"He's got a good arm, a good slider. He has all the physical weapons," Jordan said. "Big, strong kid. That's a starting pitcher's body. He should be able to stack some innings on. I've been very impressed with the raw tools, but I'd seen those in the past [from him]. It's been a few years when I was still scouting, I knew he had a great arm. We're in the 'We're getting to know him, he's getting to know us' period, but the raw ability is easy to see."
However, this might be the season in which a decision about Appel's future role comes to a head. If he doesn't show improved results as a starter at Lehigh Valley, the Phillies could try Appel out as a reliever, where his stuff would especially play up in shorter stints. That should make him one of the more fascinating prospects in the system in his first summer with the organization.
Loudest tool: Roman Quinn, OF, speed
Quinn is known for two things at this point in his career -- his speed and his inability to stay on the field. The Phillies' No. 7 prospect has battled wrist, Achilles tendon and hip flexor injuries over the past two years and has yet to make more than 382 plate appearances in a single season since being taken in the second round of the 2011 Draft.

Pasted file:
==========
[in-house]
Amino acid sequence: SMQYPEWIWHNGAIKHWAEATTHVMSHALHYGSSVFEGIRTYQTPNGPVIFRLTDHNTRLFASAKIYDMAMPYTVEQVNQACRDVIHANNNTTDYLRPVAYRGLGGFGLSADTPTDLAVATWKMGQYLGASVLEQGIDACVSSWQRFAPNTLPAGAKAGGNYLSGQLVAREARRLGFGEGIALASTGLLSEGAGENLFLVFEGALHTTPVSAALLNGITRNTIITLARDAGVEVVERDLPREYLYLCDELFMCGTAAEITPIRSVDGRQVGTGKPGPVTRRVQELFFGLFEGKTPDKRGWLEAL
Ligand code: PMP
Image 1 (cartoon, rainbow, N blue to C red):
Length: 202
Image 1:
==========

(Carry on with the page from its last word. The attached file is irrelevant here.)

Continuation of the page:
When he is on the field, he can certainly fly. Quinn received an 80 grade on the 20-80 scale for his run tool from MLB.com this offseason and is coming off a season in which he swiped 29 bags in 58 games at Double-A Reading. That speed helped him produce a high .360 BABIP at the level which, in turn, raised his average to .306. Because of his speed, Quinn's whole profile, including his move from shortstop back to center field in 2014, has been raised.